Microplastics found in Antarctica for first time
Scientists have found microplastics in fresh ice in the Antarctic for the first time.
Scientists have warned that the microplastics in the fresh snow of Antarctica would accelerate the process of melting of ice.
The researchers found an average of 29 microplastic particles per litre of melted snow.
There were 13 different types of plastic found.
The findings, published in The Cryosphere Journal, point to a serious threat to the Antarctic region.
Impact of microplastic on environment
Studies have shown that microplastics negatively impact the health of the environment, as well as limit the growth, reproduction and normal biological functions of organisms.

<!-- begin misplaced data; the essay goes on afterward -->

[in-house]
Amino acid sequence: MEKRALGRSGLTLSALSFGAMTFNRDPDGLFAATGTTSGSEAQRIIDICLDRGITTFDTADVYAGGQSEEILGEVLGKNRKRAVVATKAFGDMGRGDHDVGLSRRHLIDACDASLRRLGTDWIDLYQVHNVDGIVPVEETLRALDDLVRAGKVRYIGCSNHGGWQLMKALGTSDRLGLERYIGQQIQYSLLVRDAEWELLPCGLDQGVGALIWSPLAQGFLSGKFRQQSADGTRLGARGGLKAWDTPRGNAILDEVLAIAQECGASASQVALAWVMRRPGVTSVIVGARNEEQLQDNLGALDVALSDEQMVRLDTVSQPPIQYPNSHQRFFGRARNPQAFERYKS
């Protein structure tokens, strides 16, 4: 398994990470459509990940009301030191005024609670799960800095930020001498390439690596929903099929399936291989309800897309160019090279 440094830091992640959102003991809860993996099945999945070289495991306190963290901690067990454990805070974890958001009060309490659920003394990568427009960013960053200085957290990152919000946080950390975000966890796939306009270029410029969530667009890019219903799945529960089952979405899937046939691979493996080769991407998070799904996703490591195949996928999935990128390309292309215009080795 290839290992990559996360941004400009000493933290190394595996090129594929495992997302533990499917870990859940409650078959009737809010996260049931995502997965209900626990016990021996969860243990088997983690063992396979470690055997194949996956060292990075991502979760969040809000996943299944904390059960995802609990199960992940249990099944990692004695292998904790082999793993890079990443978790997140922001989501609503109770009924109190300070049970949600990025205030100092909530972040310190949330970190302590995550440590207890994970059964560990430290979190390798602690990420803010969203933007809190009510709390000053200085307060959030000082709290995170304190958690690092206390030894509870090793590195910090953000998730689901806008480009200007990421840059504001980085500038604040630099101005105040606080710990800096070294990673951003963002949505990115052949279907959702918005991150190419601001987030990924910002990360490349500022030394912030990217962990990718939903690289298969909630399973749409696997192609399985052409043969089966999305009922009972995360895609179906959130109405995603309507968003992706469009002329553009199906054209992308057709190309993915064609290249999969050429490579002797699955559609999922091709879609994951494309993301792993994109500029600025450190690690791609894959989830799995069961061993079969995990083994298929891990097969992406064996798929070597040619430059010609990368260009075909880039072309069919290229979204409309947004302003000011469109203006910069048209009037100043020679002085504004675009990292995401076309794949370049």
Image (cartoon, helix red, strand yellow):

Studies show that the global usage of plastic is set to increase by three fold by the year 2060.
Microplastics have been discovered inside fish and under Arctic ice in the deepest ocean depths.
Microplastics if found in humans have negative health effects.
In 2019, Alex Aves, a PhD student at the University of Canterbury in New Zealand, collected ice samples from the Ross Ice Shelf in Antarctica.
The researchers found in the laboratory that every sample from even remote sites on the Ross Ice Shelf contained plastic particles.
Microplastics were found in ice samples from 19 sites in the Ross Island region of Antarctica.
What are Microplastics?
These are defined as plastics less than five millimetres in diameter.
They are small plastic particles that result from commercial product development and the breakdown of larger plastics.
Microplastics are non-degradable and insoluble in water.
As a pollutant, microplastics can be harmful to the health of the environment, humans and organisms.
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